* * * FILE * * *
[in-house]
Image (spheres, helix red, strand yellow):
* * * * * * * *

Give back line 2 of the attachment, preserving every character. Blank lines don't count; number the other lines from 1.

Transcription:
Image (spheres, helix red, strand yellow):